It’s Not Always Violence that Harms: Three Reasons Veterans Need Access to Trauma-Informed Care

It’s Not Always Violence that Harms: Three Reasons Veterans Need Access to Trauma-Informed Care

 

Even if a veteran comes home without developing post-traumatic stress disorder (PTSD), s/he will likely know someone who did. The U.S. Department of Veterans Affairs estimates that more than 13% of Operation Enduring Freedom/Operation Iraqi Freedom veterans have developed PTSD. One recent article about a mental health clinic in Richmond, Alaska explores the kind of treatment available to returning veterans with PTSD. In support of their work, we’ve compiled a list of three reasons why veterans need immediate, local access to trauma-informed care.

 

  1. You don’t have to see combat to come home with trauma. Although many associate traumatic experiences with a first hand and often violent episode, the truth is that trauma does not require such drama to be long-lasting and detrimental. Sometimes just hearing about another person’s experience is enough to trigger a traumatic response that, if ignored, can develop into PTSD. Further, a percentage of people come into the military already having experienced some kind of trauma from which they may or may not have recovered. Trauma doesn’t have to originate in military service to be compounded or exacerbated by it, and regardless of its origin our veterans deserve everything we can give them, including treatment, as they move forward in life beyond the military.

 

  1. PTSD affects the whole person. People who develop PTSD as a response to a first- or second-hand traumatic experience are likely to develop other physical ailments or injuries as a result. For example, traumatic experiences often entail a deep disturbance in an individual’s real or perceived ability to maintain their own life and safety. As a result a veteran who has developed PTSD may develop trust issues, distancing themselves from friends or loved ones they previously maintained close relationships with. Veterans may also try to manage this feeling of vulnerability brought to the surface by trauma and kept there by PTSD through avoidance, refusing to talk about the experiences they’ve had or witnessed. Other common symptoms of PTSD include increased anxiety levels and mood swings as well as an avoidance of any places, people, objects or activities that remind them of the trauma. Trauma-informed care seeks to rebuild a person’s ability to trust others and themselves again and is essential to any veteran’s recovery from a traumatic experience.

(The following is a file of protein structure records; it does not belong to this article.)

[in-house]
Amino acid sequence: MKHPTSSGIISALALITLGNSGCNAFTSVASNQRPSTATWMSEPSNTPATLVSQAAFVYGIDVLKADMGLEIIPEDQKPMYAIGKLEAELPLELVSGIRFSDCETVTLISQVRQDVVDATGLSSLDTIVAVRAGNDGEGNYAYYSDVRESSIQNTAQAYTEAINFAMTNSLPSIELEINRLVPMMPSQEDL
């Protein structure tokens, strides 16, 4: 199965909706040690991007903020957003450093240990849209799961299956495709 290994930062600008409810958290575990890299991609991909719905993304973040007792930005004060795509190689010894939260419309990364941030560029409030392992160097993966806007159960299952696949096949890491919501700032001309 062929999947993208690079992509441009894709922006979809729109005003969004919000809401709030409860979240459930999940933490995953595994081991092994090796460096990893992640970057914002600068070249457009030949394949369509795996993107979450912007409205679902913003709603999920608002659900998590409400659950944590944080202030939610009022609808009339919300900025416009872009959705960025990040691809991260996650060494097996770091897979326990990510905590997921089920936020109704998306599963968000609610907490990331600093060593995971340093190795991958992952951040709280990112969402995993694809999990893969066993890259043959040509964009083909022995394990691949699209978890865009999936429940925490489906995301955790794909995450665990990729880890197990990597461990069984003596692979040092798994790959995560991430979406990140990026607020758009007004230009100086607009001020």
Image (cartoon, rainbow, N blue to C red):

1. Access to treatment may literally be a life-or-death issue. Failure to address and treat PTSD can have a devastating effect on veterans. In its most mild manifestation, prolonged PTSD may mean that an individual is never able to develop the kind of close, intimate relationships s/he once had before entering the service, always too guarded to let anyone get too close. In more extreme cases, people experiencing uncontrollable flashbacks to the trauma or unable to overcome the anxiety it caused may turn to drugs or alcohol in order to numb themselves to the experience or the symptoms they experience as a result.

 

After putting their lives on the line to protect and serve our country, our veterans deserve the best treatment available. Unless we can guarantee our veterans the right to seek out the best trauma-informed care in their location, we are selling them and the future of our country short.

Richard Taite
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